The top five financial mistakes made by doctors

By Ike Devji

PRO ASSET PROTECTION


Whenever possible I like to get short lists of good or bad behavior or patterns that we can share with our clients and adviser partners from professionals in other areas. In an environment of decreasing compensation and increasing overhead and litigation, good money habits are more important to doctors than ever before.

Below, my friend Anthony C. Williams, President & Founding Partner of Mosaic Financial Associates in Tempe, Arizona shares some common areas that doctors and their advisors need to think about more carefully.

– Ike Devji

By Anthony Williams, ChFC, RFC, CLU, President , Mosaic Financial Associates

Over the past 16 years or so, we’ve observed doctors making numerous mistakes at all stages of their career. We have taken our observations, as well as enlightening discussions with well-established doctors, and compiled this list of critical errors. Our hope in providing this list is to continue our mission of helping doctors and their families grow their net worth tax-efficiently while minimizing exposure to litigation.

Procrastinating:

Do you suffer from IDILS – I’ll Do It Later Syndrome? Do you continue to delay the planning process? There is no better time than now to begin. Thanks to your additional training years, you’ve already started your career years behind your undergrad friends. Don’t put yourself behind even further.

Take this example of Marc and Anthony: Anthony begins investing $2,000 per year at age 19 with a compound interest rate of 10 percent. After only eight years (age 26) he stopped investing and left his $16k to grow until age 65. Marc begins investing $2,000 per year at age 27 (the year Anthony stopped) until age 65 at the same ROR. Even though Marc invested $62,000 more than Anthony, at age 65 Anthony has $1,035,160, while Marc has only $883,185. The law of compounding interest alone is but one reason to start stat.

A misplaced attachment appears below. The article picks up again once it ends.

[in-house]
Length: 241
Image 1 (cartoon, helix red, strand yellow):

Disregarding budgetary habits.

This unfortunate bad habit begins in medical school, develops in residency and sadly continues well into your career unless you get a handle on it. We encourage clients to track and categorize in detail their spending habits for 6-12 months. Several times every year we hear clients exclaim, “How is it possible I’m earning $200k, $400k, $600k but it doesn’t feel much differently than when I was in training?!” Solve the mystery.

Not protecting your most valuable asset.

In most cases you’ve taken out a mortgage-sized student loan and delayed earning an income into your 30s. What would happen if your income is suddenly gone? Do the math: take your income and multiply by X years. It’s a great sum of money. Our position is that losing your ability to earn an income is the single greatest risk you face.

Not building a team of specialists.

You specialize in what you do, thanks to additional time spent in training. You would never advise a patient to try to treat themselves when a specialist will have more experience, information, and insight. Apply this logic to your financial life. Save time. Save mistakes. Seek to hire a trusted CPA, estate planning attorney, asset protection attorney, and financial planner to help maintain your financial health.

Focusing only on lowering your taxes today.

Are you saving or delaying taxes? Do you think taxes will be lower or higher in the future? Too many doctors focus only on lowering their tax liability completely ignoring the second greatest risk they will face – higher taxes when their net wealth is at its peak. Doesn’t it make sense to approach taxes comprehensively?

SECURITIES OFFERED THROUGH NEXT FINANCIAL GROUP, INC. MEMBER FINRA/SIPC OSAIC FINANCIAL ASSOCIATES IS NOT AN AFFILIATE OF NEXT FINANCIAL GROUP, INC.